Inspector Calls Gcse Essay (a Grade)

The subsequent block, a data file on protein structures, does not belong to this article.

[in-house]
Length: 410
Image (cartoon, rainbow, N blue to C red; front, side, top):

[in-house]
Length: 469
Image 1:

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This is a A Grade essay :) Q: How does Priestley present contrasting views of Birling between the scene when the inspector arrives, and later in the play? The opening extract shows Mr Birling in an increasingly bad light. In keeping with the mood of celebration at the dinner, priestley shows that Birling's initial greeting of the Inspector is warm enough as he is 'still on the Bench' and as a magistrate sometimes has to sign warrants for the police. His assumption about the warrant allows Birling to act like someone enjoying the power of being in a superior position, placing the Inspector in a role of adjectives to describe his way of speaking and behaving - i.e ''Impatiently'', ''restlessly'''. However, he is surprised to learn the true reason for the Inspector' s visit, and the way Priestley changes the direction of the plot and the change of mood, reverses their positions placing the inspector in control, something clearly resented by Mr Birling. Both his actions and what he says further support the picture we have seen at the start. Having recognised Eva Smith's photograph, his explanation of how he sacked her not only backs up his earlier assertion that he is a 'hard headed business man' but also reveals how a man who prides himself on his status in the community can be ruthless in a pursuit of lower costs' and higher profits' even if this unfairly penalizes his workers. Priestley also conveys his cunning-ness, shown his realisation that the strike could not last since after the holidays, "they'd all be broke" and this adds to the impression of a heartless and ruthless man. Other characters also help build a picture of Birling in the opening section. Eric's defense of the workers brings about a vicious verbal attack from Birling which pours scorn on Eric's lack of business experience and reveals his bitter feeling towards

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